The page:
Chatting up a monk

When I saw the sign, I couldn’t resist –

I’ve always wanted to chat a monk up, so I dashed over to the monk assignation area.

My monk was called Claim, and he told me all about his life in the monastery and at the university attached to the monastery, where he studies Pali, which is a language similar to Sanskrit.

He’s an urban monk, and so he wears orange robes.  Urban monks get up at 5 am, pray and then meditate for an hour, before going out into town to collect donations of food in exchange for blessings.  He explained that the brown-robed monks are the rural monks, who get up at 4 am and meditate for 5 hours a day …  so they’ve definitely drawn the short straw.  Although, thinking about it, there’s probably not much else to do out in rural Thailand.

Rather endearingly he told me that he wanted to learn English because he’d enjoyed Harry Potter so much.  I can’t imagine many Christian monks embracing witchcraft and wizardry with such enthusiasm.

After the monk chat session, I went to look around the temple, where the urban monks seemed to be having a jolly game of musical chairs.

Presumably the rural monks had all gone back to the jungle for some more meditation.

The monks’ garden was full of words of wisdom, hanging from trees, and I was rather taken with this one –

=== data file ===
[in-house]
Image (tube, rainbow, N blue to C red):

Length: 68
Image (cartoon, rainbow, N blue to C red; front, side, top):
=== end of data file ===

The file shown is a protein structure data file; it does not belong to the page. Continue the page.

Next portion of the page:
I imagine some poor, homely-looking monk painstakingly writing it out, whilst looking enviously over his shoulder at the monastery pin-up boys, flexing their biceps as they stride confidently across the courtyard for a bit of monk chat.

I didn’t just visit monks while I was in Chiang Mai, I also went on a trip to the Karen tribe, who live up in the hills outside the town.

This poor woman was having a lot of problems with her itchy woollen stockings

She was rubbing half a lime up and down her legs – I wasn’t sure if it was a tradional cure, or whether she was just a little strange.

The Karen grow coffee, and I tasted my first fresh coffee berry

I was surprised that it was really sweet and I suppose that’s why the weasels like them so much.  But I decided against making my own version of weasel coffee, and spat my coffee bean out –

The flowers in Northern Thailand are beautiful.  There are lots of cherry trees, which were a gift from Japan –

and they look stunning against the brilliant blue sky.

I also saw rhododendrons in their native habitat –

– they are apparently native to the Himalayas, and the highest mountain in Thailand is the easternmost peak of the Himalayas.

Bizarrely, there is a huge garden halfway up the mountain which is full of dahlias, snapdragons, delphiniums and all sorts of other plants that I have in my garden in England.  It’s a temperate garden project which was started by the last king to encourage the locals to grow something other than opium.

I did spot a few poppies –

but presumably they are not of the hallucinogenic variety.  And with the drug penalty being what it is in Thailand, I didn’t much fancy giving them a try.